By Eliza Rosenberry
Following months of hearings and plan revisions, some Planning Board members this week clashed with the development team over aspects of a proposed Planned Residential Development (PRD) off Fox Run Road.
Seeking what he called a “lukewarm conceptual approval” from the Board, attorney Brian DeVellis presented a slightly updated design in which the primary revision was an uncontroversial T-turnaround at the end of the private road in place of a cul-de-sac.
When presented at the last hearing on September 27, the design — which proposes five new homes off Fox Run of around 3,200 square feet each, two new 4,000 square foot homes off Buehler Road, and one existing house to be converted into an affordable unit — had been met with a general consensus of approval from neighbors and the Planning Board.
But Board member Amy Lloyd this week stood firm in her position that smaller homes would be preferable in this project, because one of the purposes of PRDs is to provide a greater variety of housing types. The proposed homes, Lloyd contended, weren’t dissimilar from other houses being built throughout Bedford; she challenged developer David Bernstein, observing from the back row of the audience, about the average size of houses he usually builds to underscore this point.
“I’m not interested in looking at another large house development of the same type that we see everywhere else in Bedford,” Lloyd said. “It is not an alternative type… It’s just the same thing that we’re seeing.”
“With all due respect, that’s where we started,” DeVellis said, referencing his original proposal of nine 2,000 square foot homes, which received pushback from neighbors who favored fewer houses and were less concerned about house size. “The smaller number of units, the larger those units need to be.”
DeVellis and Bernstein have focused on appeasing neighbors who have vocally opposed the project. At previous hearings, more than a dozen neighbors lined up to speak passionately against the development, but after months of private meetings and compromises, only two residents spoke this week, and not in opposition.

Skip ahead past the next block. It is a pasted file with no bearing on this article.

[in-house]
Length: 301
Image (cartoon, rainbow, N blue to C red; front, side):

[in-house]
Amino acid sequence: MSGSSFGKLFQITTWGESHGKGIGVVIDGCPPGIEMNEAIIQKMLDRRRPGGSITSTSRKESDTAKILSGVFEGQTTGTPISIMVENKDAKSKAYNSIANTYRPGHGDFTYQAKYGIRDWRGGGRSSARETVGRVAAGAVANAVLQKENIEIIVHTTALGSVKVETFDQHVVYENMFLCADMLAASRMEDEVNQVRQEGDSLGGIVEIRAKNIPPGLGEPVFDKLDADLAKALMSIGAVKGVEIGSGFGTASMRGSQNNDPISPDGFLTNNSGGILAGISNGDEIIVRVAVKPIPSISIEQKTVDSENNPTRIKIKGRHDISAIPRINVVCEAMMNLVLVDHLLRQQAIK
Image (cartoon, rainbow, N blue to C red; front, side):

“I actually like the size of the home, it actually probably is addressing a bit of a need in this town,” suggested resident Aaron Bourret, a newcomer to Bedford who recently went through the house-hunting process here.
During a straw poll, Sandra Hackman was the only Board member who spoke in agreement with Lloyd.
“The way houses have been for fifty years is not the way they’re necessarily going to be for the next fifty years… I think it’s really important to have alternative styles of housing, because the bylaw asks for it and because people need it,” Hackman said, though she acknowledged it was likely too late in the process to renegotiate home size. “We closed that door, I think, a couple of meetings ago. So this is where we are.”
Lloyd also advocated for minimizing or reorienting garages to emphasize the development’s human scale, and Assistant Planner Catherine Perry raised concern about a zoning bylaw requiring a duplex or other housing type to be included in a PRD.
The Fox Run development has reportedly prompted residents to lobby Planning Board members outside of public hearings, an indication of the high tensions around new development in Bedford. Issues raised at this week’s hearing demonstrate Bedford’s ongoing grappling with the purpose and appropriate implementation of PRDs, which are intended to promote preservation of open space and encourage a variety of housing types.
The development team will present a detailed plan on November 15 at the next continuation of the hearing.